activity that holds the attention and interest of an audience, or gives pleasure and delight
- The very beginning of the soul’s purgation is tranquility, in which the tongue is not given to discussing the affairs of men, nor the eyes to contemplating rosy cheeks or comely bodies, nor the ears to lowering the tone of the soul by listening to songs whose sole object is to amuse, or to words spoken by wits and buffoons—a practice which above all things tends to relax the tone of the soul.
- Basil of Caesarea, Letters, vol. 1, p. 13.
- When the mind is not dissipated upon extraneous things, nor diffused over the world about us through the senses, it withdraws within itself, and of its own accord ascends to the contemplation of God.
- Basil of Caesarea, Letters, vol. 1, p. 15.
- “Television, movies, books, all of these things, a lot of people like to believe they’re just fun and games, that they really don’t affect us, it’s just entertainment,” says Dr. Rebecca M. Chory, a professor in Frostburg State University’s business school who has studied TV’s influence on attitudes toward healthcare. “But the research consistently shows that’s not true.”
- Julie Beck, "Health Care in the Time of Grey's Anatomy", The Atlantic, (Aug 26, 2014).
- ENTERTAINMENT, n. Any kind of amusement whose inroads stop short of death by injection.
- Ambrose Bierce, The Cynic's Dictionary (1906); republished as The Devil's Dictionary (1911).
- To Plato and Nietzsche, the history of music is a series of attempts to give form and beauty to the dark, chaotic, premonitory forces in the soul—to make them serve a higher purpose, an ideal, to give man’s duties a fullness. … Such cultivation of the soul uses the passions and satisfies them while sublimating them and giving them an artistic unity. A man whose noblest activities are accompanied by a music that expresses them while providing a pleasure extending from the lowest bodily to the highest spiritual, is whole, and there is no tension in him between the pleasant and the good. By contrast a man whose business life is prosaic and unmusical and whose leisure is made up of coarse, intense entertainments, is divided, and each side of his existence is undermined by the other.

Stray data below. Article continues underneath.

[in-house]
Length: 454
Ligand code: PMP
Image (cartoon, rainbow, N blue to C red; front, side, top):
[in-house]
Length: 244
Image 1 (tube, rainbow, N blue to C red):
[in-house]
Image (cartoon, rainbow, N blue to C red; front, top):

- Allan Bloom, The Closing of the American Mind (New York: 1988), p. 72.
- The ascetic Gotama … avoids watching dancing, singing, music and shows. He abstains from using garlands, perfumes, cosmetics, ornaments and adornments. … He refrains from running errands, from buying and selling.
- "Or he might say: 'Whereas some honorable recluses and brahmins, while living on food offered by the faithful, attend unsuitable shows, such as: shows featuring dancing, singing, or instrumental music; theatrical performances; narrations of legends; music played by hand-clapping, cymbals, and drums; picture houses; acrobatic performances; combats of elephants, horses, buffaloes, bulls, goats, rams, cocks and quails; stick-fights, boxing and wrestling, sham-fights, roll-calls, battle-arrays, and regimental reviews — the recluse Gotama abstains from attending such unsuitable shows.'
- Advertisers will want to avoid programs with serious complexities and disturbing controversies that interfere with the “buying mood”. They seek programs that will lightly entertain and thus fit in with the spirit of the primary purpose of program purchases—the dissemination of a selling message.